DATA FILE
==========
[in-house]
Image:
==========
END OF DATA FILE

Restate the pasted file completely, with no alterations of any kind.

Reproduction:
[in-house]
Image: